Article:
States are challenging the supremacy of federal law on drug policy, so the Drug Enforcement Agency is likely to be confronted increasingly with petitions to remove marijuana from Schedule One of the Controlled Substances Act — the drugs that have "no accepted medical use."
Whatever the failures of the war on drugs, removing pot from Schedule One would be a bad idea. It would fly in the face of available scientific evidence and, to boot, would rely on demonstrably false promises from one of America's most self-righteous special interests.
The critical issue surrounding the reclassification of drugs in Schedule One is their medicinal value. In the case of marijuana, this is a distraction. The raw cannabis plant has no medicinal value. For the same reasons people no longer chew bark in order to cure headaches but instead buy aspirin and other painkillers, there is no medical reason to smoke pot. The pharmaceutical profession exists to isolate active medical ingredients from herbs and plants (or to synthesize them) and to provide safe, standardized doses with minimal side-effects. This is how every other drug works. There is no scientific or medical reason to make marijuana an exception.
The real issue with marijuana, beyond the medical ruse, is whether the drug should be available for recreation. And there are several reasons why it should not be.
An obvious one is that the federal government should not be in the business of reinforcing misinformation spread by advocates that pot is harmless. Removing marijuana from Schedule One would be a big step toward normalizing the use and abuse of a drug that has deleterious effects on individuals and wider society.
In teens and young adults, marijuana use has been shown to impede brain development and cause a loss of intelligence. It thus causes permanent brain damage, affecting memory and impulse control. In Colorado, marijuana was legalized in part because people claimed it would produce tax revenues to build schools. Advocating better education by legalizing a drug that stunts brain development in the young is, frankly, grotesque.
Marijuana, very often the first drug with which young people experiment, initiates them into a culture of drug use. It is thus a gateway in a social sense. But it is also a gateway in a chemical sense, too. Studies on animals have shown that exposure in adolescence to THC — the ingredient in marijuana that creates the high — primes the brain for an elevated response to other drugs later in life.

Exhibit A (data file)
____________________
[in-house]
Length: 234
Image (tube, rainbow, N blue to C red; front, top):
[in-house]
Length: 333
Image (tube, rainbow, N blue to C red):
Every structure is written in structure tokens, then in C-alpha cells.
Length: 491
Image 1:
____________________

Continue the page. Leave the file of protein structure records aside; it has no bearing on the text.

There is no need to exaggerate the threat; most marijuana users do not graduate to hard drugs. But a 2004 study showed that marijuana users are between three and five times more likely to do so than people who do not use pot. A society in which marijuana use is normalized can expect more trouble with methamphetamine, cocaine, heroin and other such dangerous drugs.
The countervailing benefits of legalization have also fallen far short of what its advocates promise. Pot advocates have long claimed that legalization would reduce crime by suppressing illicit trade and increase government revenue all in one fell swoop.
Neither claim has proven true. Revenues from marijuana taxes in Colorado from the first full fiscal year since legalization are projected to be only 58 percent of what was expected. And there has not been a drop off in violent crime either; the state's homicide rate rose 21 percent the year after voters agreed to legalize pot, and in Denver, gang-related murders are up this year, too. These increases may have nothing to do with pot, but legalization certainly has not produced detectable benefits.
A coherent libertarian case can be made that the federal government should not tell people what drugs they may and may not ingest. But all laws involve limits on individuals that a democratic society decides are necessary for the common good. Invoking the common good can be, and has been, often abused. But normalizing a drug that is particularly harmful to the young involves a radical and irresponsible elevation of individual rights at the expense of the most vulnerable members of society. To normalize the use of harmful drugs makes it more likely that the young will use them and do themselves long-term damage.
Individual liberty matters. But so does social responsibility and cohesion, which should not be sacrificed lightly to meet the personal desires of those who are strongest and most resilient. It is unwise to add to the centrifugal forces in society by normalizing irresponsible drug use.